Protein Length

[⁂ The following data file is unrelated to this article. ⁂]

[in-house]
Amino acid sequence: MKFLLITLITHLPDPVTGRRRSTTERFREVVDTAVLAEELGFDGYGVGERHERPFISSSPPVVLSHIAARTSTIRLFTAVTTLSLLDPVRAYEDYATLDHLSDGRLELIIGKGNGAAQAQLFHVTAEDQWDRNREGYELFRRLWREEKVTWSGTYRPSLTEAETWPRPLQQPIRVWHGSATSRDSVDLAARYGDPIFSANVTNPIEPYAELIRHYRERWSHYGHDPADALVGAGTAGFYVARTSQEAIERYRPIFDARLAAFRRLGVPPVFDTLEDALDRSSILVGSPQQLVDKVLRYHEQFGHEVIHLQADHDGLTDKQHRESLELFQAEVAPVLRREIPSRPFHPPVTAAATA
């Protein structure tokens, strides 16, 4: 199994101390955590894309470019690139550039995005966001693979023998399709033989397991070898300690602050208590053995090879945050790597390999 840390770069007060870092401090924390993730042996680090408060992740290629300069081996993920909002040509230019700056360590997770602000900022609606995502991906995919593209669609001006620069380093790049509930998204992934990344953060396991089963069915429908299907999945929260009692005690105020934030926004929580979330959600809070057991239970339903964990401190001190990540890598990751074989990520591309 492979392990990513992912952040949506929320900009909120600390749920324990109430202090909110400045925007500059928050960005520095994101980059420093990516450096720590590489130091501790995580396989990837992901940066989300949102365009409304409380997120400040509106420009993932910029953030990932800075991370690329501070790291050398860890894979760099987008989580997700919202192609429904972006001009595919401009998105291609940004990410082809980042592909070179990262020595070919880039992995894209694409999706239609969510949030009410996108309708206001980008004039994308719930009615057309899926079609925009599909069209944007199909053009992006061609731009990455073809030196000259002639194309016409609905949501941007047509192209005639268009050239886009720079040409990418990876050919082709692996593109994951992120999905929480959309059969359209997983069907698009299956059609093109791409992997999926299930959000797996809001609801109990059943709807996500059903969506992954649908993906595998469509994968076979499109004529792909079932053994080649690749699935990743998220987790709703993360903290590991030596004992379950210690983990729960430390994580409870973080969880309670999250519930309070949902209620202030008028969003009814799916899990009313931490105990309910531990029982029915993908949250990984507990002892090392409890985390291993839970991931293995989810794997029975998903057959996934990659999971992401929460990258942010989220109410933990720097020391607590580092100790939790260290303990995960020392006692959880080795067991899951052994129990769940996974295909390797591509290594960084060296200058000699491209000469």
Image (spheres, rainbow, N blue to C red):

In relation to the size of proteins in eukaryotic, bacterial, and archaeal proteomes, various studies (4, 7, 1315) have reported that proteins in eukaryotes are significantly longer than proteins in prokaryotes and are moderately longer in bacteria than in archaea. We find (L.B. and S. Karlin, unpublished data) that these length relations are pervasive in the vast majority of functional categories of proteins. They also are present within homologous protein families common to the three domains as well as among proteins unique to each domain. What can account for these differences in length? A greater length of eukaryote proteins may reflect on the greater complexity of the eukaryote cell compared to the prokaryote cell. Eukaryote proteins are expanded by the addition of sequence motifs or structural domains that act as functional regulators (15). Compared with prokaryote proteins, it also may be more difficult for eukaryote proteins to associate. Fusion of single-function proteins into multidomain units also may facilitate the interaction between functional units in a crowded cytoplasmic space partitioned by a complex array of compartments and may diminish the need to produce proteins in greater amounts to achieve proper concentrations of their complexes.